18.
Pharmacotherapy ; 40(5): 416-437, 2020 05.
Article in English | MEDLINE | ID: covidwho-1449937

ABSTRACT

The outbreak of severe acute respiratory syndrome coronavirus 2 (SARS-CoV-2) has evolved into an emergent global pandemic. Coronavirus disease 2019 (COVID-19) can manifest on a spectrum of illness from mild disease to severe respiratory failure requiring intensive care unit admission. As the incidence continues to rise at a rapid pace, critical care teams are faced with challenging treatment decisions. There is currently no widely accepted standard of care in the pharmacologic management of patients with COVID-19. Urgent identification of potential treatment strategies is a priority. Therapies include novel agents available in clinical trials or through compassionate use, and other drugs, repurposed antiviral and immunomodulating therapies. Many have demonstrated in vitro or in vivo potential against other viruses that are similar to SARS-CoV-2. Critically ill patients with COVID-19 have additional considerations related to adjustments for organ impairment and renal replacement therapies, complex lists of concurrent medications, limitations with drug administration and compatibility, and unique toxicities that should be evaluated when utilizing these therapies. The purpose of this review is to summarize practical considerations for pharmacotherapy in patients with COVID-19, with the intent of serving as a resource for health care providers at the forefront of clinical care during this pandemic.


Subject(s)
Antiviral Agents/administration & dosage , Antiviral Agents/adverse effects , Coronavirus Infections/drug therapy , Immunomodulation , Pneumonia, Viral/drug therapy , Adenosine Monophosphate/administration & dosage , Adenosine Monophosphate/adverse effects , Adenosine Monophosphate/analogs & derivatives , Adrenal Cortex Hormones , Alanine/administration & dosage , Alanine/adverse effects , Alanine/analogs & derivatives , Antibodies, Monoclonal, Humanized/administration & dosage , Antibodies, Monoclonal, Humanized/adverse effects , Azetidines/administration & dosage , Azetidines/adverse effects , Betacoronavirus , COVID-19 , Chloroquine/administration & dosage , Chloroquine/adverse effects , Coronavirus Infections/therapy , Drug Combinations , Humans , Hydroxychloroquine/administration & dosage , Hydroxychloroquine/adverse effects , Immunization, Passive , Interferon-alpha/administration & dosage , Interferon-alpha/adverse effects , Lopinavir/administration & dosage , Lopinavir/adverse effects , Nelfinavir/administration & dosage , Nelfinavir/adverse effects , Nitro Compounds , Pandemics , Purines , Pyrazoles , Ribavirin/administration & dosage , Ribavirin/adverse effects , Ritonavir/administration & dosage , Ritonavir/adverse effects , SARS-CoV-2 , Sulfonamides/administration & dosage , Sulfonamides/adverse effects , Thiazoles/administration & dosage , Thiazoles/adverse effects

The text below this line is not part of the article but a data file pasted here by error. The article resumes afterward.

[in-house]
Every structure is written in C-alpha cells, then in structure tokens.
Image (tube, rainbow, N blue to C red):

19.
Sci Rep ; 11(1): 19458, 2021 09 30.
Article in English | MEDLINE | ID: covidwho-1447326

ABSTRACT

Efficacious therapeutics for Ebola virus disease are in great demand. Ebola virus infections mediated by mucosal exposure, and aerosolization in particular, present a novel challenge due to nontypical massive early infection of respiratory lymphoid tissues. We performed a randomized and blinded study to compare outcomes from vehicle-treated and remdesivir-treated rhesus monkeys in a lethal model of infection resulting from aerosolized Ebola virus exposure. Remdesivir treatment initiated 4 days after exposure was associated with a significant survival benefit, significant reduction in serum viral titer, and improvements in clinical pathology biomarker levels and lung histology compared to vehicle treatment. These observations indicate that remdesivir may have value in countering aerosol-induced Ebola virus disease.